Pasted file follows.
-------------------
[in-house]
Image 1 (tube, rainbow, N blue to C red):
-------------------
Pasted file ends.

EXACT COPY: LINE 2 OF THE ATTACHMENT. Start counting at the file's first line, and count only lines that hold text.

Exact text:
Image 1 (tube, rainbow, N blue to C red):